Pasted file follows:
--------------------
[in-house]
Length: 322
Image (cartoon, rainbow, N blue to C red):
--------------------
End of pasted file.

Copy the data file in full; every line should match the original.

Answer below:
[in-house]
Length: 322
Image (cartoon, rainbow, N blue to C red):